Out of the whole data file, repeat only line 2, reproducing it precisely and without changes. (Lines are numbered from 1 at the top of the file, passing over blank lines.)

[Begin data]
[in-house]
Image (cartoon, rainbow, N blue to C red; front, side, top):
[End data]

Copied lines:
Image (cartoon, rainbow, N blue to C red; front, side, top):